Approximately two-thirds of our seed capital investments are hedged against market risk and any gains and losses can be directly attributed to the portfolio managers generating positive or negative results. On an adjusted basis, net revenues were up 7% sequentially, attributed to improved Bernstein research revenues, investment gains and a 2% improvement in basic fees.

Compared to the prior year period, investment gains increased due to strong first quarter performance, yet base fees were lower by $87 million or 17% year-over-year. This is due impart to the 13% decline in average AUM over this period and a continued shift over the last year from equity to fixed income in non-actively managed assets. Together these assets nearly account for 70% of our AUM versus 56% one year ago.

As Peter, mentioned earlier Bernstein research revenues decline 11% year-over-year versus the 13% drop in U.S. trading volumes. On an adjusted basis, net revenues were down 15% from prior year quarter due to lower base fees and Bernstein research revenues partially offset by higher gains in fee capital investments.

Now let's review our expenses on Slide 15. As I previously mentioned, first quarter GAAP operating expenses declined by 50% sequentially due to the deferred compensations charge in the prior quarter. The impact of our non-compensation related cost savings were much less. Including the charge, total comp and benefits decreased 66% sequentially excluding the charge totaled compensation in benefit expense of $303 million in Q1 2012 increased 1% due to an increased in adjusted revenues offset by decrease in the compensation ratio in the fourth quarter of 2011l.

We're managing a full year compensation ratio to stay within the 50% of adjusted revenues versus the prior year quarters. Total comp and benefits declined by 11%. This is due primarily to the decline in adjusted revenues. We ended the first quarter with 3,000 employees down 7% from yearend.

Now looking at our non-compensation expenses. Promotion and servicing were up 3% sequentially primarily due to higher volume related costs which were partially offset by lower T&E overseas. The 1% year-over-year decline is the result of lower T&E, trade executions and transfers to fees offset by volume related expenses.

In the current quarter, we received a $6.5 billion class action fund distribution. Let me stress that this should not be considered from run rate adjustments G&A. Excluding this credit, G&A cost down 6% sequentially due primarily to lower professional fees and office related costs, versus the prior period G&A expenses again excluding the class action fund distribution was down 1%. This decline is due to lower technology related cost and professional fees.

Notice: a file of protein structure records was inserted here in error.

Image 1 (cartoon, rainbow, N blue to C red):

As Peter mentioned, in the first quarter, we sub-leased over 90,000 square feet in the New York area, representing and which we recorded of $9.3 million charge offs in the period. On an adjusted basis, operating expense has declined 6% sequentially and 10% versus the prior year period.

Now let's move on to Slide 16. This summarizes the adjustments we've made to get from GAAP to adjusted earnings. After the changes we made to our plan last year, the deferred compensation adjustment will be minimal on a go-forward basis. I just mentioned the real-estate charge we had in the current quarter and finally we adjust for non-controlling interest.

Q1 2012 adjusted operating income was $101 million or 174% sequential increase from $37 million. Our adjusted margin was 18% in the quarter. The factors that drove the margin expansion were higher Bernstein research revenues and investment gains lowered non-comp expenses and the compensation true-up in this first quarter to reach up full year compensation ratio target versus the prior period, adjusted operating income of $101 million decreased 30% from $144 million.

With that said, by nearly every financial measure, Q1 2012 was a better quarter than Q4 2011. Our flows improved, revenues were higher and expenses were lower as we continue to execute our cost reduction efforts. Together these factors and yielding the unit holders better financial results.

Now, Peter, Jim and I will answer any questions you might have.

Question-and-Answer Session


(Operator Instructions) Your first question comes from the line of Michael Kim.

Michael Kim - Sandler O'Neill

First, one of your competitors is rumored to be in the market to divest its private client business as maybe they view it as somewhat of non-core segment in terms of how they're trying to position their franchise. I know you view your private client business differently. So can you just talk about how you see that business evolving and where you're gaining traction or market share?

Peter Kraus